An eerie creak, the flutter of a curtain, a strange shadow gliding down the darkened hall...
Few scenarios send a chill down the spine quite like a haunted house. Perhaps it's the thought of sharing one's personal space with a wayward ghost that most unsettles us; after all, it's difficult to relax when you suspect someone—or something—is watching you throughout the night. Yet as famed paranormal investigator Hans Holzer argues, the spooky living arrangement can be just as upsetting for the haunted house's resident spirit.
Hans Holzer stands as one of history's most prominent paranormal experts. Born in Vienna, Austria in 1920 before emigrating to the United States in1938, Holzer went on to write over 140 books about ghosts and the occult world—securing his position as one of America's original ghost hunters. In This House Is Haunted, Holzer travels to over eighty haunted houses across the globe, dissecting their history and venturing inside to speculate on the reasons why each ghostly inhabitant continues to stay in their earthly abode.
In the following excerpt, Holzer explores a villa in Maisons-Laffitte, due northwest of Paris. At first glance, the abode radiates old-world luxury and charm. But as Holzer soon discovers, a supernatural presence haunts the grounds, one that refuses to go quietly into the night.
Read on for a chilling excerpt from This House Is Haunted.
On the corner of rue Racine and avenue Montaigne there stands a three-story residence within about an acre of landscaped grounds.
When I visited the house it was exactly as it had been since it was built during the Second Empire, in the 1860s. A glass-enclosed conservatory faced toward the garden and a tower reached up beyond the roof in the romantic Victorian manner of the period. The only new addition was a low-ceilinged projection room on the other end of the garden: the last tenant had been motion picture personality Robert Lamoureux.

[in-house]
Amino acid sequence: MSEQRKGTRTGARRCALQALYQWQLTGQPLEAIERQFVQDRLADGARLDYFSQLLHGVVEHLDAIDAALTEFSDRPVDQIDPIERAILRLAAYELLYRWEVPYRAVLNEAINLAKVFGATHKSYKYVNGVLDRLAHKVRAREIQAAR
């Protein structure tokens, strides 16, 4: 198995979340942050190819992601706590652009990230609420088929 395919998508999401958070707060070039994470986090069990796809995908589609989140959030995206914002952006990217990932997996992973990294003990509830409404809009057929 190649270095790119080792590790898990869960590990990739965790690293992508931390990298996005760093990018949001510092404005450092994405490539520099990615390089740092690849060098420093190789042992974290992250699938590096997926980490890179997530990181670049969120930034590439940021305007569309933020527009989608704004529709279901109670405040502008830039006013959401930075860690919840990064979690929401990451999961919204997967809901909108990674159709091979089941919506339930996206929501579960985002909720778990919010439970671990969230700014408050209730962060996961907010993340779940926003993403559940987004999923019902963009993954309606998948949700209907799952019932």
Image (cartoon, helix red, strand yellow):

Inside the house, the appearance of an elegant town-house in the country was further maintained by the presence of high ceilings, white walls, gold appliances, and wrought-iron staircases in the front and rear.
No. 3 avenue Montaigne was built by Emperor Napoleon III for his own account. Ostensibly a hunting lodge (Maisons-Laffitte was then still rural), in reality it housed a favorite mistress, whose portrait the Emperor had had painted and placed on the outside wall.
With the advent of the Republic, the house became state property and was maintained as a “Residence of State” until World War II. Important visitors—but not those important enough to be housed in the Elysée Palace—were lodged there. During World War II German soldiers occupied the house and, in the process, looted it of anything that was not nailed down. When Allied troops took over the property, they completed the job. Subsequently it was purchased by Mr. DuPrès, a gentleman interested in real estate. When Madame DuPrès saw the house, she had him take it off the market and moved in with their family.
In the fall of 1949, Mr. and Mrs. DuPrès rented it for their own use. Mr. DuPrès was a high-ranking diplomat at the American Embassy in Paris. Mrs. DuPrès, Pennsylvania-born, was of English, Welsh, and Irish descent and was born with a caul, a fact some people regard as a sign of psychic talents. She and Mr. DuPrès have four children and now live near Washington, D.C., where Mr. DuPrès practices law.